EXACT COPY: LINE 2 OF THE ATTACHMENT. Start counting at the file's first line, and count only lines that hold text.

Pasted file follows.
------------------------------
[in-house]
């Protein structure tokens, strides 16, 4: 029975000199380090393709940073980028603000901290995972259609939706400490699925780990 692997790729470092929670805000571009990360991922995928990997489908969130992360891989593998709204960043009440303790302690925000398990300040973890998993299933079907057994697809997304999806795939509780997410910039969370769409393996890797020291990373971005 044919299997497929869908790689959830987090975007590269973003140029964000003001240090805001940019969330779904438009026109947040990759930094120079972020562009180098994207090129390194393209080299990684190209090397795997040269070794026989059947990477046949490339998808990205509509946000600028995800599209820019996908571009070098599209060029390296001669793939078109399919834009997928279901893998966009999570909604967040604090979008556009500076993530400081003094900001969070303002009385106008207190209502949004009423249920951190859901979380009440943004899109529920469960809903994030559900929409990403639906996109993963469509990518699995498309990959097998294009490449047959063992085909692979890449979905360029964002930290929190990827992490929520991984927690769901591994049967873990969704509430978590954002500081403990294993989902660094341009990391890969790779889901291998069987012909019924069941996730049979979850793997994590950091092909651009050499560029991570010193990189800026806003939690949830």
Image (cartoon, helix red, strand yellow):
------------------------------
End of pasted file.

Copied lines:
């Protein structure tokens, strides 16, 4: 029975000199380090393709940073980028603000901290995972259609939706400490699925780990 692997790729470092929670805000571009990360991922995928990997489908969130992360891989593998709204960043009440303790302690925000398990300040973890998993299933079907057994697809997304999806795939509780997410910039969370769409393996890797020291990373971005 044919299997497929869908790689959830987090975007590269973003140029964000003001240090805001940019969330779904438009026109947040990759930094120079972020562009180098994207090129390194393209080299990684190209090397795997040269070794026989059947990477046949490339998808990205509509946000600028995800599209820019996908571009070098599209060029390296001669793939078109399919834009997928279901893998966009999570909604967040604090979008556009500076993530400081003094900001969070303002009385106008207190209502949004009423249920951190859901979380009440943004899109529920469960809903994030559900929409990403639906996109993963469509990518699995498309990959097998294009490449047959063992085909692979890449979905360029964002930290929190990827992490929520991984927690769901591994049967873990969704509430978590954002500081403990294993989902660094341009990391890969790779889901291998069987012909019924069941996730049979979850793997994590950091092909651009050499560029991570010193990189800026806003939690949830």